Caching - prefetch, other strategies

Has anybody implemented an approximation of Route prefetching in Next.js in their elm app (mostly likely through fetching data from backend ahead of time in a per page data cache)?

How do people feel about a per page data cache versus a cache of graphql responses across all pages keyed by graphql request versus a cache of normalized entity data keyed by entity id?

I like the per page data cache, because it seems simple to maintain and ensure cache hits, but I haven’t made up my mind yet.

I think elm-pages v3 (not sure about v2) might be able to do this. Not certain though.

Thanks. I found prefetching in elm-pages.

In my case, I am not interested in build time rendered or server rendered pages exactly, as the data will be dynamic per user, but something loosely inspired by prefetching of rendered pages.

Yeah, I think elm-pages v3 supports what you’re describing. @dillonkearns might be able to clarify though if I’m wrong.

Yes, elm-pages v2 and v3 both do prefetching of the route data on hover :+1: Uses the same strategy as NextJS (adds a preload tag so the browser can preload the data).

For what it’s worth, server-rendered pages are great for handling dynamic user-specific data. You’re welcome to choose your own preference of your favorite stack of course, but just wanted to clarify that the server-rendering strategy is designed to work with this kind of use case (elm-pages v3 can do server-rendered routes).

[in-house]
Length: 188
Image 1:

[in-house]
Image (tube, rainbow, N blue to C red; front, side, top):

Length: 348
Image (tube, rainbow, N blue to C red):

You can also handle routes on the server-side at request-time. The tradeoff is that rather than servering HTML and JSON files from the build step, your server will need to build the page when the user requests it.

I am a little confused on what it would produce exactly? (That is, is the server producing an html page or an html page with an elm app inside or something else? If there is an elm app inside how does it connect with the overall elm app?)

If you’re familiar with NextJS, it works just like that! elm-pages v3 (which is still in a pre-release phase at the moment) resolves data on the server and then passes that to the client. Under the hood it’s running two Elm apps, one that executes on a server to resolve data and server-render the initial HTML, and then one that hydrates in the browser. I’ll be sharing more about it in the coming weeks, but here’s an example you look at. This is TodoMVC but adapted to be full-stack. The app runs all of the DB persistence and manages login using magic link auth with cookie-based sessions.

There’s a live demo here:


My dream setup so far for data layer in csr/spa is (based on some discussions at work):

  • store pattern
  • Rest API with json:API standard and elm codegen or library to handle jsonapi conventions and defining rest request functions
  • Http caching
  • implement custom link component which triggers fetching page data into store on link hover

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